1. Cheer Dyfrig – you’re right. Who defines the bits of organisational memory we want to keep? That’s we setting out more explicit principles to aid future service design – it’s almost a cultural audit trail (if you can have such a thing). I’ll share when we start rolling out.

      1. That would be awesome, cheers Paul. That’s something we’d be really interested in as an organisation. We have to audit to the Wellbeing of the Future Generations Act now, where behaviour is vital. Swansea Council have undertaken a scrutiny inquiry into their culture, that may be of interest (http://www.swanseascrutiny.co.uk/2016/06/30/what-was-the-impact-of-the-scrutiny-inquiry-into-corporate-culture/)? Good luck, please do keep us in the loop!

  2. having worked in private public and 3rd sectors I can honestly say I have heard the phrase ” that’s just the way we do things here ” and ” weve always done it like that ” too many times. Not many people are willing to admit this is part of the problem. Just because you may not hear it doesn’t mean it isn’t being said in your organisation.
    great post Paul.

  3. Really interesting post Paul! Got my brain whirring away. 🙂

    It strikes me that our organisations almost need a split brain. One part thinking about how to make existing processes as efficient as possible, the other part thinking about how to rip it all up and start again tomorrow. And to work most effectively, the two sides need to be connected!

    I’m still on the fence about whether it’s possible to disrupt your own business model from the inside. Would require a markedly different mindset from colleagues. Do people feel secure enough to challenge the base assumptions about their roles and possibly why they exist?

  4. Absolutely Neil and certainly the challenge is managing the present whilst stripping out the activities you need to cease so you can find the organisational space to create the future. We not always good at the middle bit – just stopping doing stuff!

  5. Maybe there is a lesson from science: culture is basically about growing bacteria. Organisational culture is often uncomfortable with dissenting voices from within.

  6. Great post (as usual) Paul.
    I got hold of a t-shirt recently with the slogan,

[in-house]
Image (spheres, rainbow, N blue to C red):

“The end is totally dependant upon the beginning”.
    It’s a bit ambiguous, but I think that’s the point of it.
    Anyway, what I think it relates to is the idea that the Past, Present and Future all have a role to play.
    Selectively choosing to remember and forget bits from the past are things we’ve done for ages.
    The VW emissions story Dyfrig highlighted is a bit of ‘extreme forgetting’.
    The important part is being able to draw upon many sources and not stifle things that don’t suit pre-ordained plan, the point you make about embracing misfits.

    1. Thanks Chris and I agree. A question I was asked this morning “who decides what gets forgotten?”. As you say it’s having a foot in all camps, at the right points. One of the things we are trying to instil in the other design principles is about making conscious decisions -as I think a lot of organizational design is unconscious and then there’s no evidence of why you did what you did – and impact it brought. But that’s a whole other post!

  7. When I was reading that score list i was nodding, thinking that the HIGHER the score, the better.
    In my head i was thinking of an organisation that had avoided the Deming Deadly Disease off of the 70s, “end the mobility of top management” and having a strong culture of improvement, with a strong culture of success, and i was thinking of an organisation like Toyota (bleurgh, hate quoting ‘lean’ cliches). And so i was taken aback by the scoring being the OTHER way around, cos IF the culture is one of experimenting, of learning etc then that’s a good thing surely?
    I’m only guessing, never having worked in one mind.